In fact, Peroni is "up nearly 70% over the past five years, and velocities on key packs are approaching Blue Moon metrics." Scott said much of that growth is being driven by glassware, informing distributors that they'll "realize a 70% lift in accounts" where they place Peroni's glassware.

T&B will expand Peroni's priority markets next year from four to 11. They've"already laid some groundwork in Dallas," Scott said, "and we'll be adding San Francisco, Las Vegas, and D.C. to our priority list."

PILSNER BOOM "BODES WELL" FOR PILSNER URQUELL. As for Pilsner Urquell, Scott is very optimistic of the brand given pilsners are one of the fastest growing styles within craft, up 72% over the past year. "That bodes well for the original pilsner beer, Pilsner Urquell," Scott said. "Better yet, Pilsner Urquell sources its volume growth from both import and craft drinkers."

Scott once again encouraged distributors to pick up the Pilsner Urquell 4-pack cans, which are up 35% YTD.

WE MADE THE NECESSARY MOVES, NOW IT'S YOUR TURN. Scott closed his speech with a plea to their distributors.

"When you return to your markets this week, gather your management team together, and ask yourselves an honest question: Do we have the business model in place that we will need to build up-and-coming brands like Peroni, Pilsner Urquell, Saint Archer, Terrapin, Revolver, and Hop Valley?"

Scott and company have re-oriented T&B to do just that and he advised distributors to follow suit.

CONSENTS AND FRANCHISE LAWS, AKA: "I DON'T LIKE YOU, I DON'T WANT YOU, GO AWAY!" AND OTHER SALE CONSIDERATIONS

There are several pending -- and closed distributor deals alike -- where dissenting brewers have made potential distributor transactions more hairy (see for example the Yuengling question in Mississippi with the recent Rex Mitchell transaction).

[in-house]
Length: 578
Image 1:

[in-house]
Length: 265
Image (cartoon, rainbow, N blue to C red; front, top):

So what's the supplier's ability to effectively say "yes" or "no" to a deal and brand transactions? "It depends," said distribution lawyer Drew Jaglom at an NBWA session this week. "You ve got to look at contracts and franchise law; read those together."

Standards differ. In some states, the supplier has "pretty much free rein" if the issue isn't covered in franchise law or the statute gives supplier a wide right of disapproval. Sometimes statutes say you can't transfer without suppliers' consent; others say suppliers can only withhold consent if they do so "reasonably" or considering qualifications of the buyer.

If a supplier has the right to consent or "to slow you down in practice, which they usually can do," there's usually "a pound of flesh extracted to get consent - more marketing spending, additional staff," etc. But sometimes a supplier wants a deal as much as you do, and "you can get a little benefit - a continued discounting program," etc.

If the deal is in the context of a termination, or pressure from supplier to sell, "it's a divorce. There are two kinds of kids - your kids," for whom keeping the supplier and the business is important. The other kids are the brands, and "what's gonna happen with those if supplier and wholesaler are at odds?"

There's "very often an opportunity for brand exchanges, where one can avoid losing gross profit, while getting the tax benefit of an exchange."